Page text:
When I was pregnant with Juliana, I read all of the baby books. Like many first time moms, I wanted to be prepared for everything. I carefully memorized the milestone charts – when should she start to babble, at what month should she sit unassisted, what signs should I watch for that would indicate a problem. Juliana clicked through each milestone ahead of schedule and eventually I stopped checking the charts. She sat, she babbled, she walked, and she talked. Oh how she talked. Anyone who has spent time with Juliana knows that she loves the sound of her own voice. She talks on the phone, she talks to her toys, and she talks to me a lot. She never seems to run out of words.
When Ruslan and Wyatt were babies I didn’t consult the milestone charts. 1 – I was too tired to read more than a few sentences and 2 – I was a second-time mom now, I had some idea of what was acceptable and didn’t concern myself too much with exact milestones. The boys did everything later than Juliana, but that was to be expected since she was ahead on everything. Ruslan usually met a milestone first and Wyatt would reach it within a week or two.
Ruslan loves to talk, in fact he may love talking more than Juliana (scary thought). Not only does he love to talk for himself, he has so many words that he likes to talk for Wyatt as well. Ask Wyatt a question and Ruslan will answer. Don’t understand what Wyatt is saying, Ruslan will translate. It was cute at first and then I realized that Wyatt was talking less and less. The only real conversations that I was having with Wyatt was in the car or if I was alone with Wyatt at home.
In addition Wyatt was starting to babble when he was tired and if he could get what he wanted by pointing and using one or two words, he would avoid using a sentence. While Ruslan would say, “I want more milk please Mommy.” Wyatt would point at the fridge and yell, “Milk!” Both get the point across…
Since Wyatt wasn’t talking as much, it wasn’t as easy to understand him. Even I had trouble understanding him if I didn’t understand the context of the conversation.
I didn’t want to be one of those mothers who insists that their child is perfect because they can’t accept that there could be an issue. I knew that Wyat was smart and capable of using full sentences and communicating appropriately and I wanted some guidance to help him.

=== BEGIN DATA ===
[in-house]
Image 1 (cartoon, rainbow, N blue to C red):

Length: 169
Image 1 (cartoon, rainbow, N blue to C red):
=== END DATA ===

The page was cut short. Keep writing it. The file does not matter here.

I called our pediatrician and he referred us for a language and behavioral assessment. We made the appointment at the end of September and we finally had Wyatt’s assessment yesterday. In the meantime we were working with Wyatt to try to get him to talk more and making a conscious effort has already made a difference.
I prepped Wyatt for the appointment. He knew that he would be meeting with a teacher to play games and it was ok for her to talk to Wyatt and Wyatt should talk to her. Wyatt happily joined the teacher at one end of the table while I sat at the other end quietly observing. She went through a series of games with tiles and blocks and Wyatt showed her how he can stack and sort. Wyatt quickly passed the cognitive portion of the assessment.
On the language assessment, he did well with his sounds for single words. In fact he did well enough that his overall language score passed. But she agreed that it was worth an evaluation with a speech therapist based on my concerns that had prompted the appointment. We had the option to have that evaluation immediately and the speech therapist joined us with a large flip book of pictures.
She flipped through the book and Wyatt easily told her what was pictured on each page. Page after page, the evaluation continued. He moved past the vocabulary for 3 and 4-year olds and cruised through 5 and 6-year old terms. Eventually he started to miss some words, but by that time she had reached 9 and 10-year old words.
Apparently Wyatt’s word count is extremely impressive for a 3-year old. Now we need to put even more effort into helping him use those words more often.